|Families of Vietnamese women in the Republic of Korea have photographs taken for souvenirs during a trip to HCM City.|
The hope of a more secure financial future for herself and her poor family prompted Bac Lieu native Loan, five years ago, to marry a 47-year-old man from the northeastern province of Gangwon-do in South Korea.
However, language and other cultural differences gave rise to many conflicts and the marriage was floundering.
However, Loan was helped by the Republic of Korean Women’s Association and the Viet Nam Women’s Union in her locality to solve the tensions between her husband and herself.
Understanding the difficulties involved in adjusting to life in the Republic of Korea, her husband and his parents as well as sisters encouraged her to learn Korean and guided her on adapting to living circumstances in their family.
“They are very kind to me,” Loan says, adding, “I am lucky to receive love from my husband and his relatives.”
Now, Loan is able to communicate in Korean with her husband and his relatives as well as their neighbours.
She has also found work with a food processing company in her locality.
Loan says that her neighbour, a Vietnamese woman, was not as lucky.
Tham of Tra Vinh Province was introduced to her husband by a marriage broker. Although she did not get any good information about her husband and his family, she agreed to marry him in the hope of providing financial assistance to her poor family.
Her husband took Tham to Gangwon-do Province after the marriage, but treated her like a servant.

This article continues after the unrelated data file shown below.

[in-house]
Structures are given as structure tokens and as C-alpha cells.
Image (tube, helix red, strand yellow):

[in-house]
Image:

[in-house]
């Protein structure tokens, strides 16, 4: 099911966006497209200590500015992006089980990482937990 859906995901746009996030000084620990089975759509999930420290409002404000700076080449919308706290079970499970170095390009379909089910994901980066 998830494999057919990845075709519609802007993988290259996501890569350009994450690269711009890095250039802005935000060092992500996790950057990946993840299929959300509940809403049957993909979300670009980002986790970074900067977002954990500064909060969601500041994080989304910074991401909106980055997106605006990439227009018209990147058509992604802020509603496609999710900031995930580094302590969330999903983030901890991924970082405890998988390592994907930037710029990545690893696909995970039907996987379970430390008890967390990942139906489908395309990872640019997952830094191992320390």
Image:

She worked on the family’s fields, but received no financial assistance from her husband’s family. She also found that her husband was not of sound mental health.
Tham told Loan that she would run away from her husband and his family and seek better chances to improve her situation.
Loan no longer sees Tham and does not know what happened to the latter.
Nguyen Thi Thuy, 27, of Hau Giang Province is married to 46-year-old Lee Chong Hyun of ChungCheongbuk- Do Province. The couple have three children.
Thuy said it is very important that Vietnamese women give confidence to their Korean husbands and families by learning Korean language and understanding their customs and culture.
For his part, Hyun says that the wife should explain the difficulties she is having to the husband, and for both to sympathise with each other.
Twenty-five year old Thi My Tan of Kien Giang Province, who married 44-year-old Jang Jae Hoo of Chejudo Island, says she is satisfied with her life.
Vietnamese women should learn to accept their husband’s financial situation, Tan says. They should not create financial pressures on their husband in the case his family is facing financial difficulties, she adds.
Tan’s husband is not rich and “I have learnt to be satisfied with my husband and help him take care of the tangerine garden that is the main source of income for his family.”
The Chosun llbo, South Korea’s largest newspaper, recently reported that 1.7 per cent of 471,000 babies born in the country last year had Vietnamese mothers.
According to South Korea’s Ministry of Public Administration and Security quoted by Ha Noi Moi (New Ha Noi) newspaper, about 52,000 Vietnamese women have so far married Korean men.
Nineteen families of Vietnamese women in the Republic of Korea on December 5 started an eight-day trip to Viet Nam with assistance from Seoul-based Nonghyup Bank.
Apart from assistance with overall expenses, each family receives US$500 in cash. To date, the bank has helped more than 1,300 Vietnamese brides in the Republic of Korea make such trips.